Published at Wednesday, April 10th, 2019 - 16:22:34 PM. Home Decoration. By Aili Otto.
When factory buildings and warehouses in New Yorks downtown manufacturing district were converted to loft-style apartments starting in the 1950s, a grittier industrial chic took hold, leaving ceiling ductwork and beams exposed. Lofty heights remained in vogue throughout the 1980s and 90s, but fancier vaults, peaks, and arches emerged as McMansions became the rage. However, as concern about the high cost of energy consumption gained traction, the idea of heating and cooling all that extra space turned some off high ceilings. They were lowered, though rarely to less than 8 feet, and left unadorned, a nod toward a modern aesthetic that often shunned crown molding and other details.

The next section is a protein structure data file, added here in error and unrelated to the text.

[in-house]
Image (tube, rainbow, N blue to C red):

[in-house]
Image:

Some design professionals are accommodating pets other than dogs and cats. Spring Creek Design, a design-and-build firm in Honey Brook, Penn., has designed a bunny room and pig barn. “The bunnies were given a corner bedroom with two windows, since they like light,” says Liz Smutko, the companys brand manager. The barn has two indoor stalls, housing one pig in each, and comes with mobile fenced-in areas, so the animals can be rotated through and grass and soil cleaned and repaired as needed she says. Finally, Lynch has seen many cases where chickens are coming home to roost in glamorous coops. “People are finding it a good way to teach their children about nature and show respect for animals,” she says.
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